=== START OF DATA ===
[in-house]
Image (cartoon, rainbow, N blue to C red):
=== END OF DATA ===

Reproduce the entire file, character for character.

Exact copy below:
[in-house]
Image (cartoon, rainbow, N blue to C red):